Dongola (Arabic: دنقلا Dunqulā), also spelled Dunqulah, and formerly known as Al 'Urdi, is the capital of the state of Northern in Sudan, on the banks of the Nile. It should not be confused with Old Dongola, an ancient city located 80 km upstream on the opposite bank. The town is home to the University of Dongola, a public university.
Dongola was also a province of Upper Nubia on both sides of the Nile and a centre for Nubian civilization as manifested by its many archaeological remains from the Makurian and Islamic periods. The remains of the revered Baqt Treaty are to be found in Dongola. The province of Dongola was part of the Makuria kingdom, which later became part of Egypt after Muhammad Ali Pasha ordered for the invasion and occupation of Sudan in 1820 after which it was designated as a seat of a pasha. Its first governor was Abidin Bey.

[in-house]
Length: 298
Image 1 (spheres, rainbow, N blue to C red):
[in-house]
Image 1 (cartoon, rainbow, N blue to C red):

Dongola was the scene of a victory by General Herbert Kitchener over the indigenous Mahdist tribes in 1896. Dongola Road in the Bishopston area of Bristol was named after this event. So was Dongola Road in Tottenham, North London which runs next to Kitchener Road. The Nile Expedition of 1884-1885 to relieve Gordon at Khartoum passed through the area. Regiments were challenged to race up the river by boat, and this gave rise to the English regatta competition of dongola racing.